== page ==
The Cat Returns- Anime Movie Review
Today is a first here at DaHubbz! Our first Anime Movie Review (Hopefully the first of many). I’m reviewing The Cat Returns.
The Cat Returns is Studio Ghibli (Spirited Away, Only Yesterday) 12th film. It was directed by Hiroyuki Morita and Reiko Yoshida and was released in Japan in 2002.
We’re about jump into this but I want to add a couple disclaimers before we go.
I watched the Blu Ray English dub from Disney. The Cat Returns moved to America in 2005 and starred Anne Hathaway in the lead role of Haru.
I watched Spirited Away in my younger years, so for review purposes, The Cat Returns is my first Studio Ghibli film.
Spoilers: Spoiler free as I can get.
Okay, here we go!
Studio Ghibli is a studio known for it’s heart warming characters, enduring animations, and timeless story telling. The Cat Returns delivers on all three fronts. After my first viewing I was torn. I knew it was a good movie, but I struggled to stick with a score. The best part of it for me the first go round were the characters. Anne Hathaway was great as Haru. Peter Boyle (Everybody Loves Raymond) as Muta and Kristen Bell (Forgetting Sarah Marshall and Frozen) as Hiromi and the other cast I think all did great jobs with their respective roles. After it was said and done I struggled to find the meaning of the film. I was getting hung up in the stuff that bothered me and did not make sense.
For starters, The Cat Bureau. It seemed like such a cool idea. Objects are given souls and come to life. Unfortunately, we only see the Cat Bureau once. I also struggled with a purpose for the film. Honestly, I think that boils down to being so caught up in everything else, the meaning just went right over my head.
Thankfully, I watched it a second time. It hit me and stuck with me. Biggest mistake I made going into it was assuming this was a movie about Baron, the kitty cat on the cover. Well it is not. This is a story about Haru. As cool as they try to make Baron out to be, he has to take a backseat to Haru. This was not something I was willing to let happen my first viewing. I wanted more of Baron and Muta and the Bureau. Big mistake on my part.
I’ll break it down by topics moving forward.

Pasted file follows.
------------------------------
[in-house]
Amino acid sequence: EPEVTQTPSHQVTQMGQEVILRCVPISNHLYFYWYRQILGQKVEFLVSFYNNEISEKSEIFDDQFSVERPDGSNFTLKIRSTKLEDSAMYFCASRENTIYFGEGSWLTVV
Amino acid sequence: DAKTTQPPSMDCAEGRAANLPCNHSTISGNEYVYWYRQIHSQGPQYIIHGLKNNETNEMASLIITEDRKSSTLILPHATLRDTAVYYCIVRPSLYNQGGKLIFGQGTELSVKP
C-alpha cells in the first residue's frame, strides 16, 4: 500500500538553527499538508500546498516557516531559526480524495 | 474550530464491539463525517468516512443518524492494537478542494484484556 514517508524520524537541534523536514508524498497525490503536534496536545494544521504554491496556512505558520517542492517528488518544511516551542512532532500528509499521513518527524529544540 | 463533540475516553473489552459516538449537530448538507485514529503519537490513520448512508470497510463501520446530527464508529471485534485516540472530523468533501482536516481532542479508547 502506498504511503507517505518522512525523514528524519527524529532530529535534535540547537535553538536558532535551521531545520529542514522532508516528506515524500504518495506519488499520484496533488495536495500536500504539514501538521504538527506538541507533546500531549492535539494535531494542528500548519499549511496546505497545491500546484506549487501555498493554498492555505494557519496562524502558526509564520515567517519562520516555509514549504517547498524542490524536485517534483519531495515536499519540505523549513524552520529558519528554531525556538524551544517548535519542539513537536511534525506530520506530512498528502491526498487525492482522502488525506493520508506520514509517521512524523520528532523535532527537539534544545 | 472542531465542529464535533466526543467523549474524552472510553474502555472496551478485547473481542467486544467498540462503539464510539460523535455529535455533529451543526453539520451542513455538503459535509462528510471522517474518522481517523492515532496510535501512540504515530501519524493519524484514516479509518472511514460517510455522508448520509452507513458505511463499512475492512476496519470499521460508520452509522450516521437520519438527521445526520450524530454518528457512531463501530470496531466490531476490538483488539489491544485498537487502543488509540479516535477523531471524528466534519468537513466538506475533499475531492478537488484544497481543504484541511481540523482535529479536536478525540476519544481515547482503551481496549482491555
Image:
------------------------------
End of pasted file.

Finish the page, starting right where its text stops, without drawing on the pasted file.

Plot: The Cat Returns is a story of Haru, a young teenage girl. She oversleeps, has secret, little crushes, and most noticeable struggles with who she is. This is very apparent through dialogue with her friend and mother. She saves prince Lune, prince of the cats, and news travels fast to the cat kingdom. The king makes it his priority to return the favor. This part is cute as the cats offer her several live mice among other gifts. The most noteworthy is Lune’s hand in marriage. She tries to run away from the cats, but these cats are willing to risk all nine of their lives to get Haru to the kingdom. Baron leaves her with more or less these words, “never forget who you are and you will be fine.” Good stuff. Needless to say, Haru gets caught up immediately in the kingdom. Haru turns away from her human side and becomes a cat. I’ll avoid major plot spoilers. Baron shows up and save hers in more words then that.
Characters: While I said the characters were the best part of this movie, and stick by it, there really is only one character to do a major analyze on. For starters I think this movie is great, but so much of it depends on Haru. Haru is a character we have been taught has issues. She begins thinking maybe the cat kingdom is where she belongs, but she does it everywhere new. First, it is the Cat Bureau, then the kingdom. It is at least consistent in that regard. Watching her evolution is a beautiful yet unfulfilling event. I think getting wrapped up in the kingdom and the other characters is why I did not realize how much of this movie hinged on Haru. This is why I’m sad it did not hit me the way I had hoped. When she has the dramatic change from cat back to human it felt rushed or unexplained, I guess. I felt the urgency from Baron to get Haru back to the human world, but not Haru’s. Maybe that is just me. Even in the end, she has to be saved from falling off the tower. I guess the one big take away is that she did choose to ultimately leave the cat kingdom, even if I’m not sold on it. This makes me doubt the Haru seen at the end, even though I do enjoy that Haru.
The World: Another great part of this movie. The Cat Bureau and Cat Kingdom are great, beautiful, and lively. The cat kingdom is bustling with heart, character, and humor. This place is filled with secret agents, explosions, mazes of death, epic falls, and a crazy ruler. I never got a sense of dread or darkness. Seriously, even during all these crazy parts, it is still fun, energetic, and up beat.
Verdict: What I’m ultimately judging this film on is this movie through Haru’s eyes. This differs from the score I’d give if I was just judging it as a whole.
Score: 7.5 out of 10.
Conclusion: This movie is awesome and well worth the watch. I dare say it could be a classic. It is charming and enduring. It bolsters amazing characters, well timed humor, and a vibrant world. Haru did not connect with me the way I wanted her to, and the grade reflects that. In the end I do not actually believe she has undergone any change, or more so, the change feels forced. Her coffee line at the end did not hit me the way I think the studio had hoped.
Posted on July 26, 2016, in 2016, Anime Movie Review, Uncategorized and tagged 2002, 2005, 2016, Anime, Anime Movie, Anime Movie Review, Anne Hathaway, Baron, Frozen, Ghilbi Studio, Haru, Hiroyuki, Kristen Bell, Morita, Only Yesterday, Reiko Yoshida, Review, Spirited Away, The Cat Returns. Bookmark the permalink. 3 Comments.
I had no idea that Cat Woman once voiced a cat girl.
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Awesome! I did not even make that connection when I watched it.
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